Yesterday Noel Pineiro of Puerto Rico’s El Nuevo Dia reported that Carlos Delgado was going to retire. It’s now official: Delgado announced his decision at a news conference in Puerto Rico a little while ago.
As we noted yesterday, this comes as something of a relief, as Delgado had been was trying to come back from multiple hip injuries. At no point did he get anywhere particularly close, and it’s good to see that he seems at peace with the end of the playing portion of his career.
Delgado had a career line of .280/.383/.546 with 473 career home runs and 1512 RBI. Later on today, Matthew Pouliot is going to take a more in-depth look at the career of Delgado. A career that I worry may fall into the historical cracks one day, much like that of Fred McGriff and some other excellent but not transcendent ballplayers. Which is sad, because for my money, the Hall of Very Good has a lot more interesting players in it than people realize, and they should be remembered.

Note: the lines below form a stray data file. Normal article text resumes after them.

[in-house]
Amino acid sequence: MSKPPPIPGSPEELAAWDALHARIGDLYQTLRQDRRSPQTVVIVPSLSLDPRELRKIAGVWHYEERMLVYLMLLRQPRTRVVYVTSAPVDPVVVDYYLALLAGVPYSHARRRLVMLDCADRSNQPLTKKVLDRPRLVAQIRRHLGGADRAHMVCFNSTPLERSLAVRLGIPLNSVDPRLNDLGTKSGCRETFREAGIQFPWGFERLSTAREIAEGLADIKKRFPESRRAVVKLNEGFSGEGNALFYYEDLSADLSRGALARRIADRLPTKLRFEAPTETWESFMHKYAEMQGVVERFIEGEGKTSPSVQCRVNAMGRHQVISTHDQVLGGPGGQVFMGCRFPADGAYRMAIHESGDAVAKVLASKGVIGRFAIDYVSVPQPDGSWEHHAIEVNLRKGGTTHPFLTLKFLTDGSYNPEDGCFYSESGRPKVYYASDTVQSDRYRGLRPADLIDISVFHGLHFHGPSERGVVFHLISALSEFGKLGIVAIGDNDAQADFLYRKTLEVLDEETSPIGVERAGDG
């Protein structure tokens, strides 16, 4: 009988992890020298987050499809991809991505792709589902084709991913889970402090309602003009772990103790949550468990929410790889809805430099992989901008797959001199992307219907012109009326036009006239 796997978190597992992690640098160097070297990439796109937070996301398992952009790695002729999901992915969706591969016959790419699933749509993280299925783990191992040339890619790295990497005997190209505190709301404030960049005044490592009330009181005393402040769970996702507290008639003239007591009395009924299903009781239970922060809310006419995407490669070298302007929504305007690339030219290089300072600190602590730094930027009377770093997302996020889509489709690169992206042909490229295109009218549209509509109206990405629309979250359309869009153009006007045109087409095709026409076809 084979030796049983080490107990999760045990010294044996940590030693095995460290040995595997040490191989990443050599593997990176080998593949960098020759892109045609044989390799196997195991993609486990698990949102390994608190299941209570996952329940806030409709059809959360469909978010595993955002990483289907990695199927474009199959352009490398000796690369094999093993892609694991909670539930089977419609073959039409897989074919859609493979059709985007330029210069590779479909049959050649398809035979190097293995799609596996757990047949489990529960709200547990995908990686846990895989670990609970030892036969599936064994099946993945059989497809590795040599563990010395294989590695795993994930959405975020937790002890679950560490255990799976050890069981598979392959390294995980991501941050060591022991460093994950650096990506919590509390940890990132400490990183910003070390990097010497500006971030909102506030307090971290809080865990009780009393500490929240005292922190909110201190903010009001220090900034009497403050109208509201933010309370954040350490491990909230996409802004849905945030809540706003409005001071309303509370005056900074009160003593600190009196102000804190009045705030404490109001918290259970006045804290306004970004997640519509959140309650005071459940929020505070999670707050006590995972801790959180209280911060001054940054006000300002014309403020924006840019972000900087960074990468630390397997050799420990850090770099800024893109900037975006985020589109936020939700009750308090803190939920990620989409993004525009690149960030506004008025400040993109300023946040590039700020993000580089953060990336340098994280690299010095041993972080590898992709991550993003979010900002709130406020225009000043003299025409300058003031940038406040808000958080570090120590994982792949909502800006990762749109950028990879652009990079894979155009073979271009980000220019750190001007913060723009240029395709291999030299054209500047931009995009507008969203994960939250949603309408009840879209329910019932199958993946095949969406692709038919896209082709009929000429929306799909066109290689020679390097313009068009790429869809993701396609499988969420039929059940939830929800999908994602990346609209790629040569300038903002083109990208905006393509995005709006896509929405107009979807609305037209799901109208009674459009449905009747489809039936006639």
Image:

Bill Nye — yeah, “the science guy” — has a new show on Netflix called Bill Nye Saves the World. His show ties science to other areas such as politics, pop culture, and sports. Giants outfielder Hunter Pence was invited to appear as a guest.
Nye talked a bit about Pence and marveled at the dedication players must have to stay competitive in the sport. Nye called Pence “a cool guy” and “charming,” which is not surprising.
Diamondbacks pitcher Shelby Miller left Sunday’s start against the Dodgers after four-plus innings due to tightness in his right forearm, the team announced. He’ll be reevaluated tomorrow. Needless to say, though, a forearm injury is very concerning. In his four innings, Miller gave up three runs on four hits and five walks with three strikeouts, raising his ERA to 4.09.
Miller, 26, has had a nightmare of a time since joining the Diamondbacks in December 2015. Last year, he made 20 starts and posted a 6.15 ERA. He suffered a finger injury suffered from scraping his hand on the pitcher’s mound with his follow-through, and he was also demoted to Triple-A during the summer as well.